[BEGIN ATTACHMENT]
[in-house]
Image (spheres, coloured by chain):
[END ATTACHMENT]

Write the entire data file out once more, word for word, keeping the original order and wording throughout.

[in-house]
Image (spheres, coloured by chain):